Common Core: Should I Be Worried?

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“Will my children’s school change because of the Common Core?  Will all the “good things” you show in the blog be gone once the Common Core comes to Vermont?   I have read so much about it.  I am scared!”

This email arrived last week. It posed the question so many parents are asking right now. The short answer is, “No, the Common Core will not get rid of the good things happening in our schools.” What you see on the FWSU Blog is the result of the Common Core and the work teachers have done to increase learning opportunities in our schools.

The Common Core State Standards (CCSS) is a set of academic standards – nothing more and nothing less. It sets forth a progression of learning targets by grade level. It can be a tool for parents.  If a parent can  understand what their child needs to know and be able to do at each grade level (the Common Core), together we can monitor academic growth. Children learn differently, so not all students will meet every grade level target at the same time, but the CCSS provides a guide and benchmarks. Because the Common Core Standards are national standards, parents know that their children in FWSU are receiving similar learning opportunities as children across the country.

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The Common Core State Standards were developed for students living in a digital age, and they are designed so that students will be “career and college ready” in a modern world. There is no “Boogie Man” hiding between the lines to invoke fear – they were prepared to guide us. Vermont Secretary of Education, Rebecca Holcombe, calls them “aspirational”- they are designed to encourage us to set our sights high. High performance means different things in today’s world, and our academic standards have changed as the world changes.

photo 1 (1)The great news? In Vermont, our districts decide how the go about increasing the rigor in our schools. In FWSU, our Action Plan defines our priority to develop Personalized Learning, and the Common Core helps us to benchmark excellence within that framework. The State of Vermont has not dictated texts, set non-negotiable curriculum, or punished teachers based on student scores. Much of the argument we hear in the media against the CCSS is based on the approaches different states have taken with the Common Core Standards.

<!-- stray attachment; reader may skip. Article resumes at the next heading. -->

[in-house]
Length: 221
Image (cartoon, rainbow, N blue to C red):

In FWSU, we have sought to expose students to a global world, to connect them with authentic sources of material, to engage them in real-world projects as part of their academic learning. We provide them with more texts and greater experiences because we have access to digital tools. We provide opportunities for them to be leaders in their world. But still they laugh, play, have fun and contribute to their community with their friends.  photo 1 (24)

The Common Core is here! Do you wonder what changes the Common Core is calling for? Check here for a summary of the major shifts in reading and writing instruction.   Do you hear about “Common Core Math”? Check here for a simple explanation of the shifts teachers are making in math curriculum and instruction.

We have a ways to go to meet our goals of developing Personalized Learning in each of our classrooms. The blog helps us document that process. Stick with us and watch us grow!

Meet the Common Core: Learn the Facts About New State Standards

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Have you met the Common Core?

Common Core State Standards, also known as CCCS, is designed to “provide a consistent, clear understanding of what students are expected to learn, so teachers and parents know what they need to do to help them. The standards are designed to be robust and relevant to the real world, reflecting the knowledge and skills that our young people need for success in college and careers. With American students fully prepared for the future, our communities will be best positioned to compete successfully in the global economy.” (citation: http://www.corestandards.org/). Vermont formally adopted the CCSS in August 2010 and is set for full implementation in the current 2013/2014 school year.

Two Girls (10-12) Looking at a Rack of Test Tubes

Rather than focusing on the individual standards themselves, we urge you to envision a student at the end of their schooling:

What does a 12th grader look like when he/she is “College and Career Ready?”  Click here.

As a parent, are you curious about learning goals at your child’s grade level under the Common Core? Click here to find a two-page Parents’ Guide that has been produced by the National PTA.

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Franklin West embraced the Common Core by developing the FWSU Action Plan to help our teachers and community to envision new ways to approach teaching and learning. Our blog offers a glimpse into this important work. Our teachers are now working hard to develop and align our curriculum and instruction with the Common Core. Students are beginning to hear language about being “Career and College Ready.” 

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Have more questions? Learn more about Common Core, by reading FAQ’s.